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Saturday, August 19, 2017
BRIGHTENING THE DARKNESS IN ETHIOPIA'S SOMALI REGION
Jul 12 2017 (IOM) -
“It looks like a flower, I like it!”
16-year-old Kaira smiles as she opens the box containing her solar lamp. Examining it carefully, she pushes the button on one of the petals, turning on its bright light. Kaira is one of the 1,265 women and girls, who received a solar lamp from IOM, the UN Migration Agency, in Ethiopia’s Somali Region, through a partnership with Little Sun.
Located near the Somali-border, Dolo Ado and Dolo Bay are among the least developed areas in the country. With weak infrastructure and limited access to basic services, the two already insecure areas have been severely affected by the drought.
Worsening conditions continue to deplete the coping capacities of vulnerable pastoralist farmers in drought affected areas. Food and water scarcity coupled with increasing livestock mortality rates have contributed to nearly 60,000 Ethiopians leaving their homes in March and April of this year alone.
As of April 2017, 99 per cent of the 252 displacement sites in the Somali Region reported security concerns related to shelter at the site with the absence of lighting as the primary concern.
Of the 456,081 displaced individuals in the Somali Region, 50 per cent are female. Often without the protection of family and communities they had before displacement, displaced women and girls can be vulnerable to sexual and gender-based violence. Single female-headed households (5,259 in the Somali Region) face additional challenges. They often have to rely on the community surrounding them and their basic survival skills.
Women and girls are also likely to have specific health needs making them more vulnerable. Currently, in the Somali Region alone, there are over 8,000 pregnant women (over 500 under the age of 18), and 11,272 lactating mothers.
Halima, 20 years old, stares at the dusty horizon, thinking about her lost livelihood. Ethiopian Somalis are predominantly pastoralists rearing livestock like goat, sheep, cattle and camel. With her husband, three children and a vast majority of her community, Halima moved to Dolo Bay Displacement Site hoping to receive basic assistance from humanitarian organizations.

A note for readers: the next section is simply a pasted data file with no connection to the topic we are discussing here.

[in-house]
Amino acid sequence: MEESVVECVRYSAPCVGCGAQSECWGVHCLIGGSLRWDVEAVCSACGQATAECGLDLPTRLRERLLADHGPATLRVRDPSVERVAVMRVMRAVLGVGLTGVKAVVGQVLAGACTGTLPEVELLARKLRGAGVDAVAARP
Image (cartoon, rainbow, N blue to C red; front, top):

The conditions in the displacement site are tough, with thousands of families living in makeshift shelters. There is no electricity inside the shelters and so they have inadequate lighting facilities.
“There is no light at night and I use a battery-operated torch to carry out my household chores, such as washing clothes and cooking food.
The light it emits is not very strong and I have to buy batteries to maintain it – money I could use to purchase other things.”
Women and girls’ daily tasks and activities can involve walking to water points, lavatories or sanitation facilities. These routes may be long and dangerous. Adequate lighting is needed for them to see the road, avoid dangerous areas and securely make their way.
Household chores do not stop when the sun sets. Women and girls often rely on firewood, kerosene lamps and candles emitting toxic fumes, which can pose fire hazards to wooden-based shelters and the displacement camp at large.
In addition, lighting constraints can affect women and girls education, if they are not able to properly focus and study in the evening.
Kaira, who is a student, is finding it difficult to cope with the effects of the drought.
“This will help me study at night. It will replace the wood-fire, which is what I normally use for light when I read my school books.”
For many women in Dolo Ado and Dolo Bay, Little Sun solar lamps will replace hazardous and expensive lighting, such as candles, firewood and kerosene lamps. They will reduce fire risks and health consequences of inhaling toxic fumes. Through this solar lamp, women and girls will be given the possibility to pursue their studies and other essential tasks in the hours of darkness.
“I will read my biology book tonight– I want to be a doctor when I grow up!”
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